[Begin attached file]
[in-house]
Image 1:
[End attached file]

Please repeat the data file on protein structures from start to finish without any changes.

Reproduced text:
[in-house]
Image 1: